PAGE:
House and Senate were at odds during the regular session about how to address the property insurance problems, with the Senate trying to be more aggressive in targeting what they consider fraudulent roof claims. The governor has not indicated how he’d like to see the issue resolved.

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Florida Agriculture Commissioner and Democratic candidate for covernor Nikki Fried meets with Black business owners and entrepreneurs at Pots and Pans Cafe Oakland Park on Wednesday, Feb. 9, 2022. Amy Beth Bennett Sun Sentinel/TNS

Fried’s marijuana campaign: Florida Agriculture Commissioner Nikki Fried, who hopes to leverage her marijuana advocacy into a successful campaign to be the Democratic nominee for governor, last week announced she would sue President Joe Biden’s administration over a federal rule restricting medical marijuana users from buying guns or keeping a concealed-carry permit.

Good-bye masks? U.S. District Judge Kathryn Kimball Mizelle voided the national mask mandate covering airplanes and other public transportation last week, ruling in Tampa that the Centers for Disease Control and Prevention improperly failed to justify its decision and did not follow proper rulemaking.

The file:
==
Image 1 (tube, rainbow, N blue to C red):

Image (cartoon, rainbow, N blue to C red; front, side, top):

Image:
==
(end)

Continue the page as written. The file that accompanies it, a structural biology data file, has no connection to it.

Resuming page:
Biden appeals: The Justice Department appealed the ruling, following the CDC’s recommendation that a transit mask mandate is “necessary for the public health” and that people should continue to wear a mask inside public transportation. Some experts have expressed concern that the ruling could accelerate the spread of the latest variant.

United Airlines, Alaska and Delta said they will allow some passengers who had been banned for not wearing masks back on flights, but they would decide on a case-by-case basis.

Here’s what else you need to know if you’re traveling on public transportation.